Significantly, when Israel responded to an attack by bombing an alleged Palestinian base inside Syria in October 2003, the U.S. administration did condemn the action. While Syria did little to fundamentally alter its behavior, it realized that its own margin to react to future such attacks was relatively limited. And while Washington subsequently sought to engage Syria more, the option of striking at Syria remains one Israel, and by extension the U.S., will retain.

Finally, in early September, the U.S. and France co-sponsored UN Security Council Resolution 1559, raising the heat on Syria by demanding it pull out of Lebanon and respect Lebanese sovereignty. More specifically, it called for the disbanding and disarmament of all Lebanese and non-Lebanese militias, a clear reference to Hezbollah and Palestinian groups. In early October, UN Secretary General Kofi Annan issued a report on the implications of the resolution. His conclusion was that he could not say that Syria and Lebanon had implemented its provisions. He left it to the Security Council, however, to decide on how to act on Resolution 1559, a decision due to be made this week. This was a further step in the gradual isolation of Syria from the post-9/11 consensus. Significantly, it also showed Washington’s willingness to intervene more forcefully in the bilateral Syrian-Lebanese relationship.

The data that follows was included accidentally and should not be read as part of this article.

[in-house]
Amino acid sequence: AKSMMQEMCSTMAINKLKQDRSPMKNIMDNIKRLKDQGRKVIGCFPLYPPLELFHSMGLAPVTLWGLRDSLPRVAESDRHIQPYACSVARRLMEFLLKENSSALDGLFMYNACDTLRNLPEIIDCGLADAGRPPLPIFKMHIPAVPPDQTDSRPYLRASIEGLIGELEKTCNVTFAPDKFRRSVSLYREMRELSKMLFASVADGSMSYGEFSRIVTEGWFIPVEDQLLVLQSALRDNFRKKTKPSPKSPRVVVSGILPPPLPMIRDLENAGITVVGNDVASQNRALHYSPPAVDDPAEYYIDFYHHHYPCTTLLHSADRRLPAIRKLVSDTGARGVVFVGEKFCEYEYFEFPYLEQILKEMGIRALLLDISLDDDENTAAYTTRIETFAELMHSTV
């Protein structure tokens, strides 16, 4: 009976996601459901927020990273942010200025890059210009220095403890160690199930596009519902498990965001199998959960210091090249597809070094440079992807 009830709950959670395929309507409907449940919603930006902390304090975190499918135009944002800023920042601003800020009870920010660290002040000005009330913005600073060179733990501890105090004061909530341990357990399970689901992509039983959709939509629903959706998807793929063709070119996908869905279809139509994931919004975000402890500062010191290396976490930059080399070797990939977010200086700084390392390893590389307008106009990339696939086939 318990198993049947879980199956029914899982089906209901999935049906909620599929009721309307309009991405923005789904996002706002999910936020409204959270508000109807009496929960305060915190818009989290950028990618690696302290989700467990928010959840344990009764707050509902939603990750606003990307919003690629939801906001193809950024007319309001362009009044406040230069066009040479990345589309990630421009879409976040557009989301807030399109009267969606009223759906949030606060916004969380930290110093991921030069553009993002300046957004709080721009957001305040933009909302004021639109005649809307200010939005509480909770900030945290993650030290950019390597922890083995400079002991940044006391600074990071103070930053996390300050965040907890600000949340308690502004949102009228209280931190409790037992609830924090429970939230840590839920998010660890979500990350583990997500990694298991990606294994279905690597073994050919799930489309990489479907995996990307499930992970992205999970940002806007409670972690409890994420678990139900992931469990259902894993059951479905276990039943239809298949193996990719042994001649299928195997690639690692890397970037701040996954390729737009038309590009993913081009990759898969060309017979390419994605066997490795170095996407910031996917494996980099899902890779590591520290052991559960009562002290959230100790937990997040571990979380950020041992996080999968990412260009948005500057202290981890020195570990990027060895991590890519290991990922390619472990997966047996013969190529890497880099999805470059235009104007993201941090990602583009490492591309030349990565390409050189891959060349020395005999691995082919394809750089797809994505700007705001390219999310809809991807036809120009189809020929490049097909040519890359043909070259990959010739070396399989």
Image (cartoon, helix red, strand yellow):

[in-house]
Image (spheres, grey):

What lies ahead? Much will depend on the U.S. presidential election. Yet, whichever administration finds itself in power, Washington will continue to regard Syria as a sponsor of terrorism for as long as it continues to defend Hezbollah, Hamas and Islamic Jihad. Syria, in turn, will, for domestic and regional reasons, resist shifting course. The main reason for this is that it considers these groups as its only serious bargaining chip if talks resume with Israel on the Golan. This virtually guarantees more American pressure on Syria in the future, regardless of whether Syria did or did not “save American lives.”


1. Interview with Bouthaina Shaaban, November 23, 2002.

2. Syria/US: Iraq differences threaten terrorism cooperation, Oxford Analytica, October 18, 2002. Available online at:

3. Seymour M. Hersh, The Syrian Bet, The New Yorker, July 28, 2003. Available online at:

4. Opening statement for hearing on Syria-U.S. policy directions, U.S. Senate, October 30, 2003. Available online at:

5. Economist Intelligence Unit, Syria Country Report. November 2002. A European diplomat in Damascus told me in December 2002 that a well-informed Syrian source stated that at the end of November 2002, Syrian imports of Iraqi oil had reached 200,000 b/d, suggesting an expansion of oil imports over previous months.

6. Hersh, op. cit.

7. Interview with Seymour Hersh, March 2004. He said that according to his sources the CIA. still has a small station in Aleppo.